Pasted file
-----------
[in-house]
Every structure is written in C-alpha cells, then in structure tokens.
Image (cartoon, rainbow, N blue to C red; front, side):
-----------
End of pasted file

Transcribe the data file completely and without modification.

[in-house]
Every structure is written in C-alpha cells, then in structure tokens.
Image (cartoon, rainbow, N blue to C red; front, side):